Best Small-Town Downtowns: Thomaston

Historic storefronts and fresh energy characterize this midcoast town's Main Street — also known as tourist-trafficked Route 1.

Best Small-Town Downtowns: Thomaston
By Brian Kevin
Photographed by Michael D. Wilson

Main Streets with moxie! In our July 2021 issue, we took a look at six of our favorite downtowns from all across the state — and the businesses, buildings, and boosters that make them great. Read up on more of Maine’s best small-town downtowns and start planning your next road trip.

Street Smarts

One of Thomaston’s 25 Museum in the Streets panels.
One of Thomaston’s 25 Museum in the Streets panels.

Wander long enough around small-town Maine and you’re bound to stumble into a Museum in the Streets, one of a series of open-air exhibits consisting of museum-quality placards unravelling the backstories of curious landmarks, little-known local luminaries, and historical happenings. The surprisingly captivating installations are found in more than a dozen towns across Maine and the Northeast, but the first was installed in Thomaston, in 2002, the brainchild of a former museum administrator in neighboring Cushing. Thirty panels introduce passersby to “The Town That Went to Sea,” shedding light on Thomaston’s shipbuilding heyday and lime-burning industry and the 178-year tenancy of the Maine State Prison, which relocated the same year the Museum in the Streets went up. Placards downtown include one on the picturesque twin steeples of the side-by-side Baptist and Episcopal churches and another on the architecture of the Main Street business block, with its impressive 19th-century commercial facades. Find a map and guide on the side of the Thomaston Cafe, on the corner of Main and Knox Sts.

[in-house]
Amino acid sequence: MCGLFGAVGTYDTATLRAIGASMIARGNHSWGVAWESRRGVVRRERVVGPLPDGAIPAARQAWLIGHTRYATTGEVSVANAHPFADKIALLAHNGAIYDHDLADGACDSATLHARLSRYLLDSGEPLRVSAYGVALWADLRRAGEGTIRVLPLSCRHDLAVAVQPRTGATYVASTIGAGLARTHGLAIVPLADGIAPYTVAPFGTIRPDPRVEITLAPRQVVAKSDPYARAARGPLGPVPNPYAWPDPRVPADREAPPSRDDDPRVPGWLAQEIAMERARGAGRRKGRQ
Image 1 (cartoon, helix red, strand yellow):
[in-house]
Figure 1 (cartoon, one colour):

Clockwise from top left: history buffs come to Thomaston to visit the General Henry Knox Museum, about a mile from downtown, a fascinating reconstruction of the Revolutionary War general’s home; characters lounging inside Thomaston’s Watts Hall, donated to the town by Captain Samuel Watts in 1890; the downtown Thomaston business block; Civil War monument on the grassy Main Street Mall, at the edge of downtown.

Three Squares

During the 19th century, Thomaston National Bank occupied the building that now houses FlipSide Coffee — hence the door.
During the 19th century, Thomaston National Bank occupied the building that now houses FlipSide Coffee — hence the door.

Two good reasons to grab breakfast from FlipSide Coffee (189 Main St.; 207-354-5221). #1: It’s where the locals go. “On any given day, I would say we know the names of 85 percent of the people who come in our doors,” explains Amanda Gaudet, who opened the coffee shop and café with her husband, Neal DeYoung, at the tail end of 2019. #2: The FlipGriddle, an egg patty stacked with applewood-smoked bacon and covered in melted cheddar, between two light, maple-infused waffles — a whole damn handheld brunch. Pause to admire the huge steel vault door from when the building housed a bank.

Lunch is down the block at the stalwart Thomaston Cafe (154 Main St.; 207-354-8589), a brasserie-ish spot that’s anchored downtown since 1990. Burgers and steak frites are specialties, paired with a Maine craft beer from the well-stocked bar. Grab the front window seat for Main Street people watching.